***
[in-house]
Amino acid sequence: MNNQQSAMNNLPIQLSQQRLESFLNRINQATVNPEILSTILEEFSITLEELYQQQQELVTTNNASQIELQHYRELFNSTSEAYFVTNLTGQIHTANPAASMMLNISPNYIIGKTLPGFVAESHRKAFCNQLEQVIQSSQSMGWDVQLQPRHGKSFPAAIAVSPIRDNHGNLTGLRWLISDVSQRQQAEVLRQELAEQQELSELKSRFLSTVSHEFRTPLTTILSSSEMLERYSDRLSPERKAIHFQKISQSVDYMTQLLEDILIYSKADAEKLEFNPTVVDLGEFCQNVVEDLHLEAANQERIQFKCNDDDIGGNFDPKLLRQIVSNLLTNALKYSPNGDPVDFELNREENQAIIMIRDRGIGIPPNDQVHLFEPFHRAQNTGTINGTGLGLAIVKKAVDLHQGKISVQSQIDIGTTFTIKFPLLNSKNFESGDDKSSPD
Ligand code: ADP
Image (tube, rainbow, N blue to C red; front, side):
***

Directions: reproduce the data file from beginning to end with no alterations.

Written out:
[in-house]
Amino acid sequence: MNNQQSAMNNLPIQLSQQRLESFLNRINQATVNPEILSTILEEFSITLEELYQQQQELVTTNNASQIELQHYRELFNSTSEAYFVTNLTGQIHTANPAASMMLNISPNYIIGKTLPGFVAESHRKAFCNQLEQVIQSSQSMGWDVQLQPRHGKSFPAAIAVSPIRDNHGNLTGLRWLISDVSQRQQAEVLRQELAEQQELSELKSRFLSTVSHEFRTPLTTILSSSEMLERYSDRLSPERKAIHFQKISQSVDYMTQLLEDILIYSKADAEKLEFNPTVVDLGEFCQNVVEDLHLEAANQERIQFKCNDDDIGGNFDPKLLRQIVSNLLTNALKYSPNGDPVDFELNREENQAIIMIRDRGIGIPPNDQVHLFEPFHRAQNTGTINGTGLGLAIVKKAVDLHQGKISVQSQIDIGTTFTIKFPLLNSKNFESGDDKSSPD
Ligand code: ADP
Image (tube, rainbow, N blue to C red; front, side):